Robredo not opposed to Sinovac, but questions exemption from HTAC

Published March 3, 2021, 9:25 PM

by Raymund Antonio

Vice President Leni Robredo said on Wednesday that she is not opposed to China’s Sinovac vaccine for COVID-19, but stressed that it should not be exempted from getting a positive recommendation from the Health Technology Assessment Council (HTAC).

Vice President Leni Robredo

The council assesses the cost, ethics, and community impact of the drugs or vaccines that will be given to the public.

“Wala akong opposition against Sinovac. Hindi ito dahil ginawa ito sa China, o dahil 50 percent [lang ang efficacy rate]. May medical experts naman na nagrereview. Kung sabihin nila na okay, good enough ‘yun para sa akin. Pero huwag naman i-short cut ang proseso (I am not opposed against Sinovac. This is not because it is from China or because it has only a 50-percent [efficacy rate]. Medical experts are reviewing it. If they said that it’s okay, that’s good enough for me. But the process should not be cut short),” Robredo said on The Mangahas Interviews.

The vice president questioned why Sinovac couldn’t go through the same process as Pfizer-BioNTech and AstraZeneca, which both got a positive recommendation from HTAC.

“Pero the mere fact na ine-exempt siya tapos iyong iba hindi naman ine-exempt, iyon ‘yung mali (The mere fact that it is exempted and the others are not exempted, that’s what’s wrong),” Robredo stressed.

Under the law, a drug or vaccine must get an approval from the Food and Drug Administration (FDA), receive a positive recommendation from HTAC, and follow the guidelines by the National Immunization Technical Advisory Group (NITAG) and the Department of Health (DOH) before finally being distributed by local government units.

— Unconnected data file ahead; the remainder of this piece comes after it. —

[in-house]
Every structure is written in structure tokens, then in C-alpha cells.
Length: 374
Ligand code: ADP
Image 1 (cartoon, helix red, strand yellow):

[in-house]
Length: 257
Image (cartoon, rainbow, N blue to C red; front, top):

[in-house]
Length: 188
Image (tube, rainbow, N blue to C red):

This is the same demand made by a group of health workers from the Philippine General Hospital (PGH) a few days before Sinovac arrived on February 28.

Although Sinovac’s vaccine received an emergency use authorization from the FDA, the agency did not recommend it for use on health workers with high exposure to the disease.

But the Inter-Agency Task Force on Emerging Infectious Diseases (IATF) approved its use for health workers based on the recommendation by NITAG and DOH’s Technical Advisory Group (TAG).

This despite the lack of a positive recommendation from HTAC.

Robredo recognized the importance of rolling out the vaccines especially to health workers, but she also emphasized that the recommendation is an “added layer of protection” at a time when confidence in the vaccine seems to be low.

While government officials said that the HTAC recommendation is not mandatory because the first batch of Sinovac doses was a donation, Robredo questioned the wisdom in skipping a step in the process.

“Kahit pa donated yan at kahit wala tayong gastusin, obligasyon natin na bigyan ng added layer of protection ang ating mga kababayan (Even if it’s donated and we did not spend, we are obligated to give our fellowmen an added layer of protection).”

“Bakit pa ginawa ang HTAC kung hindi bibigyang respeto, hindi susundin ang kanyang mandate? Kung ngayong linggo, bigyan siya (Sinovac) ng positive recommendation ng HTAC, wala na tayong masasabi (Why was HTAC created if it will not be respected, if its mandate will not be followed? If this week, HTAC will give a positive recommendation to Sinovac, I won’t say anything anymore),” she said.

Health Secretary Francisco Duque III said that Sinovac is already under HTAC review, but not before the department inoculated several health care workers and government officials since March 1.

The Health department plans to procure Sinovac doses this month using the agency’s savings.

 
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